Global Markets Overview: Asia
Updated: Sep 11, 2020
From 13 to 27 July 2020
Despite China’s GDP rising 11.5% in Q2 (quarter on quarter), Friday saw Shanghai’s CSI 300 fall by 5%, the worst in five months following disappointing retail sales [i] for the second quarter [ii]. At the same time, Korea’s Kospi rallied 0.84%, suspected to be from abundant market liquidity and expectations rising for a Covid-19 vaccine after a clinical trial led to the successful formation of an antibody [iii]. The Nikkei 225, however, ended the week 0.25% lower [iv], as new coronavirus cases emerged in Tokyo.
The Nikkei may continue to see a decline despite the Japan’s government effort to push the ‘Go To Travel’ campaign in hopes to revive the Japanese 20.5 trn [v] tourist industry with a cash injection of $10bn to subsidise travel costs, including on airfares and discounts for regional businesses. Since 286 new coronavirus cases were confirmed in Tokyo on Thursday, the government has excluded the capital from the ‘Go To Travel’ campaign to prevent further spread, however, many local leaders in other regions still believe it is too soon to open up tourism [vi]. The aim is to promote a safe way of travel, as well as open up the economy [vii], but the fear is that the new campaign may lead to another lockdown. The past two quarters have seen Japan fall into a recession but a total lockdown could wipe out the slow economic recovery it has made and lead to another quarter of negative growth [viii].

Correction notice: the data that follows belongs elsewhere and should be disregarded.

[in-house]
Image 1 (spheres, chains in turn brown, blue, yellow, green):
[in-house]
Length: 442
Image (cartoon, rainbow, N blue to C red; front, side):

On the Asian technology stock scene, the recent move by the UK to follow the US to ban Huawei, has led to China vowing to retaliate economically [ix]. This further adds tension to the previous strain in relations after the UK government granted UK citizenship for up to 3 million Hong Kong residents after the imposition of the national security law [x] . Moreover, TikTok (the video sharing app) which has been banned in India and has additionally received imminent threats to be banned in the US, has left even more uncertainties regarding the Chinese hi-tech sector. As TikTok is reversing its decision to set up a HQ in the UK, it is not implausible to suggest that Chinese companies, particularly state owned enterprises, may rethink and claw back their investments in the UK [xi] .
By Chau Tonnu - Analyst at the York IFS Global Market Telegraph
This article was first published in University of York Investment and Finance Society's Global Market Telegraph (GMT) Edition 3.1 in late July 2020.
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